Mushrooms are related to smuts, rusts, and other pathogens, and as such, are members of a large group of organisms called fungi which are devoid of chlorophyll. These fungi are active in the decay of buried stumps and other bits of wood which can contribute to the formation of fairy rings. They appear in clumps or singly; but when they appear in a circular pattern, they are called fairy rings. Although mushrooms are one of nature’s ways of recycling nutrients, when they develop in a well-manicured turf they are considered a nuisance. No turfs are immune to fairy ring problems. Those with heavy thatch or under stress are more prone to fairy ring development and subsequent turf injury.
The life cycle of fairy ring-forming mushrooms is similar to that of other common mushrooms. Fairy ring fungi survive as dormant spores or mycelium in the thatch and soil. The mycelium becomes active during moderate, wet weather; and a ring continues to grow outward each year. Following rains, mushrooms appear within the dark green ring or at the edge of the dead area. Fairy rings usually are most severe in light-textured, low fertility soils low in moisture. The mushrooms grow on decaying organic matter and are most likely to form in areas where trees have been removed or in turfs with a thick thatch.
Fairy rings are found in three general patters: (1) mushrooms appear in circles and last only for a brief time without the presence of a dark green ring; (2) grass growth is stimulated and a dark green ring, along with the presence of mushrooms, is produced; (3) circular patterns of dead grass develop in the center of the dark green ring along with the presence of mushrooms.
The dark green rings of stimulated grass commonly vary from 1 to 10 feet in diameter and are particularly visible on turfs yellowing from iron chlorosis and in midsummer on turf that is deficient in nitrogen or under moisture stress. The dark green grass is caused by a rapid release of nitrogen in the soil. A concentric ring of thin, dormant, or dead grass may develop inside the circle of lush grass as a result of drought stress caused by the dense mat of fungal mycelium present just below the ring.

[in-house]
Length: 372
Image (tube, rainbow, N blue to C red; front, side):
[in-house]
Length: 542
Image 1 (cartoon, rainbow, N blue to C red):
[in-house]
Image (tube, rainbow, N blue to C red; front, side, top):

Tree stumps, large roots, and pieces of construction lumber should be removed before a new turf site is sodded or seeded. In established turfs, symptoms are “masked” by pumping large quantities of water 10 to 24 inches deep into the soil at 1-foot intervals within the ring and at up to 2-foot intervals on either side of it. The procedure should be repeated every two to three weeks during the growing season. A light fertilizer application during the growing season will reduce the contrast in green color between the fairy ring and the rest of the turf.
If desired, the fairy ring can be physically removed by carefully digging out the sod to a depth of 12 to 18 inches in a zone 2 feet on either side of the dark green ring of grass and replacing with fresh topsoil. Another approach is to kill the turf in the infested area with glyphosate and rototill the entire area in different directions to mix the mycelium from the different rings. The area can then be seeded or sodded.
The fungicide flutolanil is registered for the suppression of certain fairy ring fungi. It could be used to spot-treat problem fairy rings in certain areas such as golf greens; however, suppression may be only temporary.
J. E. Watkins. (1997). Diseases of Cool Season Turfgrass. In F. Baxendale, Ph.D., & R. Gaussoin, Ph.D., Integrated Turfgrass Management for the Northern Great Plains (pp. 137 – 138). Location: Nebraska
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